Latex can be an allergy that can lead to anaphylaxis shock. It develops over time. This includes exposure to medical equipment that touches the skin, such as gloves and catheters that contain latex. It can develop into an allergy not only due to exposure of the equipment to the mucous membranes of the urethra and rectum but also to inhaled latex dust which forms during manufacturing. Nurses and doctors get latex rashes on their skin from stethoscopes around their necks, so they put them in their pockets or cover them with a cloth. Latex balloons are not allowed in pediatric facilities because the risk of touching the balloons or breathing latex dust is too great for children with chronic health conditions. Most medical equipment has latex removed now. However, be sure your products have ‘latex free’ on the packaging. There are some latex products still sold at bargain prices, so buyer beware!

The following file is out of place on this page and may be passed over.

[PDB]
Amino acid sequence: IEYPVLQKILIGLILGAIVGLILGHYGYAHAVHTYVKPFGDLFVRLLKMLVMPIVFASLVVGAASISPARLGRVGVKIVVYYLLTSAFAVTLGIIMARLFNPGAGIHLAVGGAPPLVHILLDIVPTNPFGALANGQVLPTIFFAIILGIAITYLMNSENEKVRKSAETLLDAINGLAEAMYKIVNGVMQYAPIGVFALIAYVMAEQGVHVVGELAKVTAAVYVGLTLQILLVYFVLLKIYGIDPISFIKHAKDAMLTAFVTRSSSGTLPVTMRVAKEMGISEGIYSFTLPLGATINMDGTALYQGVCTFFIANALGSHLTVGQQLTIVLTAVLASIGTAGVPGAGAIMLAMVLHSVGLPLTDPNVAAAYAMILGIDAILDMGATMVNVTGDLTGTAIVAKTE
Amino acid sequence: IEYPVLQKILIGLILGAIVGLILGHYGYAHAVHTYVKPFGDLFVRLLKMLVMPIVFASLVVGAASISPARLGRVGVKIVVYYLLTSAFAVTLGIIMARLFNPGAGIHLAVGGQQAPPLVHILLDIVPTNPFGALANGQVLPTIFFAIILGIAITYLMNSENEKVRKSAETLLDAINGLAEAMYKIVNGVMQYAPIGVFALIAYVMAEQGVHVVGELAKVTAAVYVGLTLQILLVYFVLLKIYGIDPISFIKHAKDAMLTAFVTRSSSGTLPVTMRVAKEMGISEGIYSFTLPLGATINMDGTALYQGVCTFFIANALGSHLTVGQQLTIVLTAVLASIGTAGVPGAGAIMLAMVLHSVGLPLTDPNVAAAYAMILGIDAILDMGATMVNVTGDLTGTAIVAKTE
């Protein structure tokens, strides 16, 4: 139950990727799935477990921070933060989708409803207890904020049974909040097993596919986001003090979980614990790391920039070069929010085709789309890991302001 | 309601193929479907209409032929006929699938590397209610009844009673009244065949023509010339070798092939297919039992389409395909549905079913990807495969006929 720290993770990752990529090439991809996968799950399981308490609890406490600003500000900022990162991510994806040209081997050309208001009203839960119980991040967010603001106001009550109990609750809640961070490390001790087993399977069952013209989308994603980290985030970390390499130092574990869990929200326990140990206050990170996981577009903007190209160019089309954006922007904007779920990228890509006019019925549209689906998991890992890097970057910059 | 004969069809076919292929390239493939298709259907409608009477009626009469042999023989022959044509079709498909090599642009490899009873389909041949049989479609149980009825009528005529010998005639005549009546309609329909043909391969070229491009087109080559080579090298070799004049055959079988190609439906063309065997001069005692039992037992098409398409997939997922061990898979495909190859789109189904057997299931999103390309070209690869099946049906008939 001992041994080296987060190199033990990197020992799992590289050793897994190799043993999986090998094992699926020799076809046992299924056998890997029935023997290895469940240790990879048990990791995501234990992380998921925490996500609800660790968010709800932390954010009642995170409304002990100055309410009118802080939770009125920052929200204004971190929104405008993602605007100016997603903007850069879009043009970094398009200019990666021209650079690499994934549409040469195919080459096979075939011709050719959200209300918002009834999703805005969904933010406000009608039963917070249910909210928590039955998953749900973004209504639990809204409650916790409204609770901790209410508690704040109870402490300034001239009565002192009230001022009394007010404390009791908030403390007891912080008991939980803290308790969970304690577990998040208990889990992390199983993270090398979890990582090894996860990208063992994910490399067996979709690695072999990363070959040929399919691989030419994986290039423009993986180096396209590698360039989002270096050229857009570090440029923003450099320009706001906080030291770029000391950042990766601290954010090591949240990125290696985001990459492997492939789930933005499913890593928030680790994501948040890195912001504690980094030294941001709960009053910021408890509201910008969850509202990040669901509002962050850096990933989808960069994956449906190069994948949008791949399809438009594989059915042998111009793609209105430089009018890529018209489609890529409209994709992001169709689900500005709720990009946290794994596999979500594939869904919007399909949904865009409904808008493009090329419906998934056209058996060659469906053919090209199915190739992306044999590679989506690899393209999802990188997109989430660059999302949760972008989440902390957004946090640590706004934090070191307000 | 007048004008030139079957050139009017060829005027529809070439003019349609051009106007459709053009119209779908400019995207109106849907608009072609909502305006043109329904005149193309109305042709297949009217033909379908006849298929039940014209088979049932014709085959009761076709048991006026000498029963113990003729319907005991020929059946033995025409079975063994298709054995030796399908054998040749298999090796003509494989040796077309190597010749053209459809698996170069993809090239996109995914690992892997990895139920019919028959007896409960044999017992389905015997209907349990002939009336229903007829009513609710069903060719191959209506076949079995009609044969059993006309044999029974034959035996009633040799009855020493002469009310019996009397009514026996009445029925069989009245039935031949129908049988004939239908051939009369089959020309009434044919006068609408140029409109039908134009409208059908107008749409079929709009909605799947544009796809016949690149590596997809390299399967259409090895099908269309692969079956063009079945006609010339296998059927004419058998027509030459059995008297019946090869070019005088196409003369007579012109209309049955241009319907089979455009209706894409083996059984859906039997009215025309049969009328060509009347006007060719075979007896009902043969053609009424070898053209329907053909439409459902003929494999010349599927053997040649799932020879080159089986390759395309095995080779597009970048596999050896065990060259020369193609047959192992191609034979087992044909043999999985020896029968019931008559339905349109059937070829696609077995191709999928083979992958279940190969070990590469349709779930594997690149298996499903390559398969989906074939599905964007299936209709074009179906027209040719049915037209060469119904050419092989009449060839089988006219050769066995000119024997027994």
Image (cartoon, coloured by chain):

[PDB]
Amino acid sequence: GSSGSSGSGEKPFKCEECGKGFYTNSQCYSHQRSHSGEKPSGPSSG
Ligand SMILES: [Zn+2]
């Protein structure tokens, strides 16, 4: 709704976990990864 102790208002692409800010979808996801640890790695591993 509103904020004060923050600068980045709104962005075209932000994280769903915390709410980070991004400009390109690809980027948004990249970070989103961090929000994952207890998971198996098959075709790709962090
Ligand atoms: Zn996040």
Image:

Anaphylaxis can occur within seconds or minutes. The individual may have a sudden rash, low blood pressure, difficulty breathing, fast pulse, nausea or vomiting, and dizziness. If the individual has an EpiPen, it is time to administer it to the thigh. Call 911. It is an emergency situation.